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University of Missouri

Teach a Man to Farm

John Yohe has been improving international agriculture for more than 30 years.

John Yohe

John Yohe’s work with International Sorghum/Millet Collaborative Research Support Program has taken him all around the world investigating farming, famine and food. But his strategy for tackling world hunger originates at Mizzou.

They aren’t staples of the American diet, but for the 1 billion people in Africa, sorghum and millet provide daily nourishment. John Yohe has spent nearly 30 years making sure those staples stick.

As director of the International Sorghum/Millet Collaborative Research Support Program (INTSORMIL) since 1984, Yohe has overseen its mission to improve food security, enhance farm income and improve economic activity in the major sorghum and pearl millet producing countries in Africa and Central America.

INSTORMIL was a consortia of seven U.S. universities — Kansas State, Ohio State, Purdue, West Texas A&M, Texas A&M and Nebraska, where Yohe retired as associate professor in March 2013 — collaborating to research the crops. The program’s accomplishments include developing plants resistant to parasitic weeds, drought, birds, and increasing the crops’ nutritional value. INTSORMIL terminated March 31, 2013.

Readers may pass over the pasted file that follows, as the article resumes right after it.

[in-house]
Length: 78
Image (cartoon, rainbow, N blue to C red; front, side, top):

John Yohe

John Yohe has been improving international agriculture for more than 30 years. In March 2013, the Missouri native retired as associate professor at the University of Nebraska.

The biggest output has been the training of scientists [throughout] Africa and Central America,” says Yohe, BS Ag ’59, MS ’62, PhD ’73. “We’ve even had food scientists in the program in Johannesburg doing research on brewing beer made with sorghum flour.”

Yohe was born and raised on a 40-acre farm in Cass County, Missouri, where his family raised hogs and cattle. Agriculture was in his blood, but unfortunately in 1982, so was malaria. Doctors in India prescribed an antibiotic, which temporarily masked the disease.

Weeks later, Yohe was struck ill in Illinois en route to his Columbia home.

I had what I call a 15-blanket fever — a 105-degree temperature,” says Yohe who went on to recover at Mizzou’s student health center.

Yohe’s work with INTSORMIL has taken him all around the world investigating farming, famine and food. But his strategy for tackling world hunger originates at Mizzou.

The challenge is getting research out to agents who have resources to travel around and visit farmers. I would love to see the U.S. identify one or two countries where they could establish a land-grant model,” Yohe says. “Teaching, research and extension — all in one organization.”